A formalized view of the solution is shown in FIG. 1. Herein, it is assumed that before a user interaction can take place a rule set 108 a/b exists that states which step 109 a-i with which parameters has to be called in case of different user interactions. This rule set 108 a/b can either exist explicitly in the system, or it is encoded in the client document (e.g. in case of HTML documents or special client programs), or a combination of both (see Table 1). As shown in FIG. 1, the rule set 108 a for a certain step i is either created or at least modified by the previous step i-1. In case no rule set 108 a exists, a default rule set 108 a is deployed. It should be noted that the action associated with a certain rule is not static and might change according to the respective client context or server context. For example, the entry “id=5” might only be equal to “parameter a=1, b=3” if the user has a certain location but might change it if the situation differs.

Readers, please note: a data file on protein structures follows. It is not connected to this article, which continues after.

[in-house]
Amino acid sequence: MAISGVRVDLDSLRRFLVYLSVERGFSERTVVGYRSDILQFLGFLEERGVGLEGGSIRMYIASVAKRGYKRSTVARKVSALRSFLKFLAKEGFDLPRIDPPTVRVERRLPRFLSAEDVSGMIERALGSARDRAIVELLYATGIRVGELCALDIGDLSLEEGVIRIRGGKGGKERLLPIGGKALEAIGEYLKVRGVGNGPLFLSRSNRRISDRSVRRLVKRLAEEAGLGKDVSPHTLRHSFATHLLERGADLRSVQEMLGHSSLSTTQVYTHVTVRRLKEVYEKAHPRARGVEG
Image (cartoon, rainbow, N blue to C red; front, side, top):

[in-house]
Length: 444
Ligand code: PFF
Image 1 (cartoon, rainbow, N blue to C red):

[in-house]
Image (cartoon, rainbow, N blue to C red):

TABLE 1
Different Cases for Rule Sets and Client Document
Combinations
Client Document Rule Set
Case 1 element 1 −> step 1, None
parameter a = 1, b = 3
element 2 −> BACK,
parameter c = 4
Case 2 element 1 −> step 1, id = 5 id = 5 −> parameter a = 1,
element 2 −> BACK, id = 6 b = 3
id = 6 −> parameter c = 4
Case 3 element 1 −> id = 5 id = 5 −> step 1, parameter
element 2 −> id = 6 a = 1, b = 3
id = 6 −> BACK, parameter
c = 4